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has been unable until comparatively late times either to raise or answer the question, Was mind before matter or matter before mind? The Jews seem to have been the first nation raised above such materialism, and raised also, in consequence, above pantheism to a true theism. It is the Bible which has impressed on the human mind the great thought of the creation of matter by the will, the word of God.

The rude religious materialism now referred to is, of course, a very different thing from a speculative anti-religious materialism, but it explains why, as soon as speculation appeared and assumed an anti-religious attitude, it should have presented itself in the form of materialism. In spite of all that has been said against speculation, however, it is not the rule, it is only the exception, for it to be anti-religious; it is not the rule, but only the exception, for it to lead to materialism. The tendency of speculation, of refined and disciplined reflection, of thought which seeks really to comprehend what it has before it, is, if history may be credited, to get beyond matter, not to rest in it. The history of materialism impartially written is not a very brilliant one. Comparatively few of the world's greatest thinkers have been adherents of this system. Its advocates have often done it little credit.1

In China, more than three hundred years before

1 See Appendix V.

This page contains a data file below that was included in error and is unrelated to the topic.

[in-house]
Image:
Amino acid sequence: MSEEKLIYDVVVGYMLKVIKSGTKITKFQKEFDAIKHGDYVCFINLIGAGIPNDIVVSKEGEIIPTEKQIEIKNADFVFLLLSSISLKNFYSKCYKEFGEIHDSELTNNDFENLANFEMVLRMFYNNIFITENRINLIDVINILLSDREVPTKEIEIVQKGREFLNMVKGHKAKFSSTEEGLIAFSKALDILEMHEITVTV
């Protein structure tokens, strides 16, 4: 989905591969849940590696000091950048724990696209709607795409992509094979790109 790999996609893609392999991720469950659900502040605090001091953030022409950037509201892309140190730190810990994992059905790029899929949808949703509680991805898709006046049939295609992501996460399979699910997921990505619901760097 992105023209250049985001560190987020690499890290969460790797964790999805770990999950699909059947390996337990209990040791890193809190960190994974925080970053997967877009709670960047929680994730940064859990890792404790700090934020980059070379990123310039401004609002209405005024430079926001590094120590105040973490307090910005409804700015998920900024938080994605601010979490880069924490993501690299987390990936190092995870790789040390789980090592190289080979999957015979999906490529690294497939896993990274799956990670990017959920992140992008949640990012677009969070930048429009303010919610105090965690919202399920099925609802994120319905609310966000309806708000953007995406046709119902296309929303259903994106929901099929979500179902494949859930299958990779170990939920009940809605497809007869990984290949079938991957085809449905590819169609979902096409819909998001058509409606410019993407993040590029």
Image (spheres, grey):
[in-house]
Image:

the Christian era, an avowedly atheistical materialism was widely prevalent. It was the chief task in life of one of the most celebrated Chinese philosophers, Meng-tseu, better known in the West as Mencius, to combat this doctrine, and the views of man's duty and destiny which were based on it. He believed it to have caused a vast amount of harm to his country, and that no society could long exist which entertained it. A few lines from an essay of one of the men whose teaching he strove to counteract will probably be sufficient to convince you that he was not far wrong. Yang Choo said, "Wherein people differ is the matter of life; wherein they agree is death. While they are alive we have the distinctions of intelligence and stupidity, honourableness and meanness; when they are dead we have so much rottenness decaying away,—this is the common lot. Yet intelligence and stupidity, honourableness and meanness, are not in one's power; neither is that condition of putridity, decay, and utter disappearance. A man's life is not in his own hands, nor is his death; his intelligence is not his own, nor is his stupidity, nor his honourableness, nor his meanness. All are born and all die;—the intelligent and the stupid, the honourable and the mean. At ten years old some die; at a hundred years old some die. The virtuous and the sage die; the ruffian and the fool also die. Alive, they were Yaou and Shun, the most virtuous of men; dead, they are so much rotten bone. Alive, they were Klee and Chow, the most wicked of men; dead, they are so much rotten bone. Who could know any difference between their rotten bones? While alive, therefore, let us hasten to make the best of life. When about to die, let us treat the thing with indifference and endure it; and seeking to accomplish our departure, so abandon ourselves to annihilation."